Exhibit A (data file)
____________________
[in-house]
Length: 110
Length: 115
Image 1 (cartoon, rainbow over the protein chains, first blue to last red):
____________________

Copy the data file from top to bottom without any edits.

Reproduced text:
[in-house]
Length: 110
Length: 115
Image 1 (cartoon, rainbow over the protein chains, first blue to last red):